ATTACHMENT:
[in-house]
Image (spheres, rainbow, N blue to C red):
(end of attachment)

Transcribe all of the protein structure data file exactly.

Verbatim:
[in-house]
Image (spheres, rainbow, N blue to C red):